Yes, it's harder when you've got limited resources, but not impossible. Creative minds can always think of creative solutions. Can you make an album in your bedroom at home? Start a blog which you post from the nearest public library? Draw a comic on the kitchen table at home, and find a way to photocopy and distribute it? Get together with a few friends and start a magazine? Start a night class / short course at the nearest 6th form college to get access to the music studio / photography studio / screen printing facilities? Join the 1 in 12 club (other anarchist clubs are available) to get access to a library? Reframe your project so that it's smaller, cheaper, more manageable? 

One of the greatest things about making art today, by contrast with the 80s, are the tools available. These days anybody can start a photography project, or a band, and get their work up onto Tumblr or Bandcamp. But, one thing that's also worth thinking about is: can you make your art available in your local community? Could you start a local arts' market? Start a regular, affordable film screening night in a community centre? Or somebody's house, if your local council have closed all the community centres near you? 

One effect of the Government's work has been to deny access to the arts in our communities. People are too busy & ground down by the struggle of life to be able to go to the cinema, or to make long journeys to galleries and museums. What can you do to bring art into your town - into your local community centre - into your street? How can you use it to make connections with other artists and your neighbours? 

Again, this is another thing the Government don't want. They'd much rather we were all holed up in our homes, watching Benefits Street and blaming a whole bunch of fictional 'others' for our problems. But you can use your art to make connections with others. I hope you'll believe me when I say that this will help others having the same struggles, and help you, too. 

I hope this blog post has given you some inspiration and ideas for things that you can do. This is the second Tory government I've seen in my lifetime (I remember the last one, more's the pity), and I know that we have the tools and resources between us to resist them. Good luck, my pals, and tweet me / email me if it has given you the inspiration to work on a project of some kind. I would love to hear about it. Bon chance!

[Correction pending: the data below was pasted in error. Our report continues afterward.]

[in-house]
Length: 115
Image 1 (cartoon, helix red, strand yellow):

Currently reading

Zoo City Lauren Beukes

Tuesday, 23 June 2015

Advice for new writers

Yet again, I'm here with an apology for not blogging more often...

Things have been busy, and at the moment I'm ferreting away at my short stories, trying to get them all to behave themselves. Soon, I'll have enough for a collection. And after that, I'll go on holiday.

A couple of weeks ago, I taught a short story writing class. I was asked what advice I'd give to young people who want to become writers. I will share the advice I gave then, again on here. And just for the record, this advice applies whatever age you are.

It's really pretty simple. If you want to be a writer, you have to write. Some people manage to make a living from writing, usually by taking on paid commissions, some people don't. (I'm the second type: I support my writing with a day job.) Either way, the answer is still the same. If you want to be a writer, you have to write!

So my advice to anybody who wants to write is, find a way to do it. Try to get yourself into a position where you can work compressed hours, or part time, so that you have a day or two a week that you can devote to writing. If you can't work as few hours as you'd like, maybe devote a day at the weekend to writing, too. It might mean that you have to give up other things, like doing fun things with your friends, or spending time with your family. This choice is not a fun one to make, but unless you're in the luxurious position of not having to earn money, and having the freedom to write full time, sometimes you have to make sacrifices in other areas. Also, it will help a lot if your other half is supportive. One thing I did a lot when I was starting out, was that I cut down on doing things that were taking up a lot of my time. I stopped doing volunteer work and didn't socialise so much. It was rubbish, and sometimes I slightly resented it, but it also meant that I manage to write a novel, and get it published. So there's that.

On your writing days, make sure you write. Don't make excuses for yourself. If you're on a writing day, and you don't feel like writing, write anyway. Just write one sentence, and then another one. Then another one after that. It won't be long before you've got started, and you'll soon wonder what all the fuss was about when you got up that morning and didn't feel like doing it. Whatever you do, don't go on the internet. Just get to work.

My other big tip (it's no secret) is to keep at it. Writing is horrible sometimes, especially at first. But it gets easier the more you do it. Writing and imagination are both muscles that get stronger with use. Cultivate them. Make them do 50+ reps every time you sit down at your desk. Also, try to surround yourself with writer- and artists-friends who are going through the same thing, and who will be able to cheer you on a bit. And keep going!

Good luck!

Currently reading

Fishnet Kirstin Innes

Saturday, 30 May 2015

Genus: Spring issue of December Magazine

"My brother was born strange. As a child, he spent hours gazing into the distance, clenching and tapping his fingers, all when he was supposed to be minding the seedlings.